Notice that on the Site Options map, Option 6 at the proposed Bourn Airfield Development (BAD) is nominally positioned within the pink hatched development area, which is currently the outline area in the submitted draft plan and on which the Planning Inspector carried out the public examination.
Imagine then, the shock and horror of discovering that the actual piece of land that had been scored is NOT within the allocated development area, but outside it on the section of farmland at the top of Highfields Caldecote, as shown in Figure 2.
To say I blew a gasket would be an understatement causing me to have a headache for the rest of the evening!
So, having already levelled a charge at Mott Macdonald consultant at the meeting that their scoring methodology was highly suspicious, and of with-holding its details, I now left him in no doubt as to what I thought about the whole project – another stitch up!!
Option 6, he said, is considered a brownfield site, and they had to include it in to show they had considered all potential options, both in the greenbelt and outside. That explanation seemed to be implying that, it was “just another option to tick the right boxes”, but I could be wrong. At which point, I expressed the opinion that it was a “window dressing” exercise then, that the decision had been made on which site the P&R would go. That was promptly denied.
So, if it is not window dressing, then I asserted that the only other conclusion is that it is serious potentially viable site that could work in conjunction with the plan to build 3,500 houses on BAD, except for the fact that the proposers of BAD need part of that land to make up the shortfall of what they need to fit in the planned number of houses and infrastructure. So how can one piece of land serve two opposing requirements simultaneously? Just how much joined up thinking is going on here?? It seems Mott Macdonald and the GCP Project team are unaware of the finer details that would affect the viability or otherwise of this option. Can we then be confident of their scoring process?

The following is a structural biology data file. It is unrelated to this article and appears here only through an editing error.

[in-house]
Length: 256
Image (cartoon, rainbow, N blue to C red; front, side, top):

Figure 2 shows just how much work had gone into the assessment of Site 6, to the point of providing the entrance (via Highfields Road) and exit routes (old A428).
All 5 groups at the meeting considered the options on the table and wrote down our views, which we were assured would ALL be collated and presented to the the EB. We have copies of the comments we made on my table and will have to wait and see what the final short list will be.
Figure 3 above shows the points raised in my discussion group – guess who wrote the statement in green …….
Whether or not this park and ride site option 6 is further shortlisted remains to be seen. There are pros and cons to this option and it will be interesting to see the mitigation proposals for the adverse effects, especially of lighting and traffic. The cost of running it and the charges would likely be high – and Stagecoach boss will not be happy to run buses to/from it. Cost/journey time analysis here would be tricky and could determine its viability.
We should know more by the time the GCP Assembly meets in September when the final selection for consultation will be made public.